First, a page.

Tuesday, July 20, 2010

Domain Name System Security Extensions Fully Installed

According to Wikipedia “The Domain Name System Security Extensions (DNSSEC) is a suite of Internet Engineering Task Force (IETF) specifications for securing certain kinds of information provided by the Domain Name System (DNS) as used on Internet Protocol (IP) networks. It is a set of extensions to DNS which provide to DNS clients (resolvers) origin authentication of DNS data, authenticated denial of existence, and data integrity, but not availability or confidentiality”.

Operators of the Internet’s authoritative root zone last week completed deployment of enhanced security protocols at the top level of the Domain Name System. The Internet’s 13 root zone DNS servers have been digitally signed using the DNSSEC since May. On July 15 the signed root zone was made available and a trust anchor was published with cryptographic keys that will allow users to verify the authenticity of DNS address requests.

Digitally signed responses to DNS queries that can be cryptographically validated are more difficult to spoof or manipulate. This can help to combat attacks such as pharming, cache poisoning, and DNS redirection that are used to commit fraud and identity theft and to distribute malware.

However, using DNSSEC not a complete solution to the DNS security infrastructure. The TLDs like .com and .net have yet to be signed. .gov and .org were signed in 2009. There is still a lot of work to be done on all of the intervening infrastructure from DNS servers, firewalls and other network equipment that processes/passes DNS, host stub resolvers, and DNS registries will have to support DNSSE. Then there still needs to be a reason to use DNSSEC over SSL/TLS since both protocols can positively identify and authenticate a host.

However, none can doubt about the utility of this first step that would go a long way in ensuring secure and safer DNS uses. With the increasing uses of DNS for malicious purposes, it is very important that we must use internationally accepted uniform standards in this regard.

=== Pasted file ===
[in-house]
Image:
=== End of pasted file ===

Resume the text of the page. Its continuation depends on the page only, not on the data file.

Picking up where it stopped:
Australian Federal Police Opens Office In New Delhi

Transborder crimes are difficult to detect and eve more difficult to prosecute. Although there are law enforcement collaborative platforms like Interpol yet at times it becomes imperative to act swiftly.

This requires collaboration of local law enforcement agencies in real time. This has inspired the Australian federal police to open its office in New Delhi which is expected to boost their capacity to fight common threats like terrorism and cyber crime.

Australian Federal Police (AFP) Commissioner Tony Negus is optimistic that this would help police in both the countries in combating crime.

In this globalised and inter connected world, transnational crime is a growing threat. This is more so regarding cyber crimes that can be committed through Internet.

This is a good step and India must also, if it has not already done so, open a similar office in Australia. Further, there is also a need of joint operations and joint trainings between Indian and Australian police forces.

E-Discovery Law In India

E-discovery law in India has still to be enacted. Although India has the cyber law of India incorporated in the form of information technology act 2000 (IT Act 2000) yet it is far from being sufficient for cyber forensics and e-discovery purposes.

Cyber forensics is different from E-Discovery, Digital Recovery or other synonymous terms. Cyber Forensics primarily caters the "Legal Requirements" whereas E-Discovery meets the requirements of private individuals and organisations.

In India we have an exclusive techno legal e-discovery research, training and educational centre. The same is managed by the Perry4Law Techno Legal Base (PTLB) segment of Perry4Law.

E-discovery issues are posing problems before the law enforcement officials, lawyers and judges in India. They find it real difficult to deal with these techno legal issues. Although these stakeholders are comfortable with traditional evidence issues yet when it comes to e-discovery or digital evidencing in India they are almost clueless.

There is an urgent need of training of police officers, lawyers and judges in crucial techno legal fields.